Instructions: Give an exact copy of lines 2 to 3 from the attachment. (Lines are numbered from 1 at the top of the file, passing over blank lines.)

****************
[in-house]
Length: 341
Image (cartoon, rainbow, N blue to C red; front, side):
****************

Length: 341
Image (cartoon, rainbow, N blue to C red; front, side):